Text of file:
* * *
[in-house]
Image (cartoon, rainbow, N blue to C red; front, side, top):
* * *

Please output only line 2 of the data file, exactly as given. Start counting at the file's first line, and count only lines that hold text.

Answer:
Image (cartoon, rainbow, N blue to C red; front, side, top):